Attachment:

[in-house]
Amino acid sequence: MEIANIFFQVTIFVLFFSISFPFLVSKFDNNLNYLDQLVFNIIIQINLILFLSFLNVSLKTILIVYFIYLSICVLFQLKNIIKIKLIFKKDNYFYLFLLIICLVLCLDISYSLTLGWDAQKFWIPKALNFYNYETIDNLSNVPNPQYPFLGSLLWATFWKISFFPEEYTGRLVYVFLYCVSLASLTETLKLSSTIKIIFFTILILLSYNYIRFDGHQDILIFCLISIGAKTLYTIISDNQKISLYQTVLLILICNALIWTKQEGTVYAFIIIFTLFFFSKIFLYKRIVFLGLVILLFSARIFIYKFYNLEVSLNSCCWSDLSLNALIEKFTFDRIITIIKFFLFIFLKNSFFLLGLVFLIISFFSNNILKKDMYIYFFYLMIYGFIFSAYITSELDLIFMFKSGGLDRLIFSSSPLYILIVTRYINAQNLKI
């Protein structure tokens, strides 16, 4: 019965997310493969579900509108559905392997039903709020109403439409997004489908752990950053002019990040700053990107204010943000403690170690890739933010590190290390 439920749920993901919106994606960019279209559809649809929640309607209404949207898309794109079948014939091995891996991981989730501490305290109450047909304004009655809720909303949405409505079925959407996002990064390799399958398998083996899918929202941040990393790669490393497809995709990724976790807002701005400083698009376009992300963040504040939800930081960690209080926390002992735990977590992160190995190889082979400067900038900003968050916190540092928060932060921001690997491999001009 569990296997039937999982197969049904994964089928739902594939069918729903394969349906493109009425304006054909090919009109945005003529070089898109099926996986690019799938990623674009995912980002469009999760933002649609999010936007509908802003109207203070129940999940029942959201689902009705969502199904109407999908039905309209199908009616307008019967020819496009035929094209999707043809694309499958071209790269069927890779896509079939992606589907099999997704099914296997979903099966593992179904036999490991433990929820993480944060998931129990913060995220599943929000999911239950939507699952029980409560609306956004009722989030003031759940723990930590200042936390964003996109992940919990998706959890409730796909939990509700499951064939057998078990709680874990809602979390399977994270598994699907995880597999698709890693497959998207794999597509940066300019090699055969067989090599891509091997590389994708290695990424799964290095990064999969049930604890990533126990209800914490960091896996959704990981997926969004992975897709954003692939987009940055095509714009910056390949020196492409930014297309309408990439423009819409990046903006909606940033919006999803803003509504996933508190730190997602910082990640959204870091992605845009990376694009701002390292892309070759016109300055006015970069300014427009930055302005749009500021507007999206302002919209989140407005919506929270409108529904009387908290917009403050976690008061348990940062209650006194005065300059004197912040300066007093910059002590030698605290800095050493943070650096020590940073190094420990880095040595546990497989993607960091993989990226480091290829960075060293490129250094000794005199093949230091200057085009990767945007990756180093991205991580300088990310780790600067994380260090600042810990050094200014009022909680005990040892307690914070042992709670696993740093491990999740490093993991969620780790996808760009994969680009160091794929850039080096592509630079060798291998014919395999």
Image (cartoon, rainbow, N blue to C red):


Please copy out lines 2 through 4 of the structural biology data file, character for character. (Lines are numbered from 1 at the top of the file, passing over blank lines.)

Amino acid sequence: MEIANIFFQVTIFVLFFSISFPFLVSKFDNNLNYLDQLVFNIIIQINLILFLSFLNVSLKTILIVYFIYLSICVLFQLKNIIKIKLIFKKDNYFYLFLLIICLVLCLDISYSLTLGWDAQKFWIPKALNFYNYETIDNLSNVPNPQYPFLGSLLWATFWKISFFPEEYTGRLVYVFLYCVSLASLTETLKLSSTIKIIFFTILILLSYNYIRFDGHQDILIFCLISIGAKTLYTIISDNQKISLYQTVLLILICNALIWTKQEGTVYAFIIIFTLFFFSKIFLYKRIVFLGLVILLFSARIFIYKFYNLEVSLNSCCWSDLSLNALIEKFTFDRIITIIKFFLFIFLKNSFFLLGLVFLIISFFSNNILKKDMYIYFFYLMIYGFIFSAYITSELDLIFMFKSGGLDRLIFSSSPLYILIVTRYINAQNLKI
């Protein structure tokens, strides 16, 4: 019965997310493969579900509108559905392997039903709020109403439409997004489908752990950053002019990040700053990107204010943000403690170690890739933010590190290390 439920749920993901919106994606960019279209559809649809929640309607209404949207898309794109079948014939091995891996991981989730501490305290109450047909304004009655809720909303949405409505079925959407996002990064390799399958398998083996899918929202941040990393790669490393497809995709990724976790807002701005400083698009376009992300963040504040939800930081960690209080926390002992735990977590992160190995190889082979400067900038900003968050916190540092928060932060921001690997491999001009 569990296997039937999982197969049904994964089928739902594939069918729903394969349906493109009425304006054909090919009109945005003529070089898109099926996986690019799938990623674009995912980002469009999760933002649609999010936007509908802003109207203070129940999940029942959201689902009705969502199904109407999908039905309209199908009616307008019967020819496009035929094209999707043809694309499958071209790269069927890779896509079939992606589907099999997704099914296997979903099966593992179904036999490991433990929820993480944060998931129990913060995220599943929000999911239950939507699952029980409560609306956004009722989030003031759940723990930590200042936390964003996109992940919990998706959890409730796909939990509700499951064939057998078990709680874990809602979390399977994270598994699907995880597999698709890693497959998207794999597509940066300019090699055969067989090599891509091997590389994708290695990424799964290095990064999969049930604890990533126990209800914490960091896996959704990981997926969004992975897709954003692939987009940055095509714009910056390949020196492409930014297309309408990439423009819409990046903006909606940033919006999803803003509504996933508190730190997602910082990640959204870091992605845009990376694009701002390292892309070759016109300055006015970069300014427009930055302005749009500021507007999206302002919209989140407005919506929270409108529904009387908290917009403050976690008061348990940062209650006194005065300059004197912040300066007093910059002590030698605290800095050493943070650096020590940073190094420990880095040595546990497989993607960091993989990226480091290829960075060293490129250094000794005199093949230091200057085009990767945007990756180093991205991580300088990310780790600067994380260090600042810990050094200014009022909680005990040892307690914070042992709670696993740093491990999740490093993991969620780790996808760009994969680009160091794929850039080096592509630079060798291998014919395999």
Image (cartoon, rainbow, N blue to C red):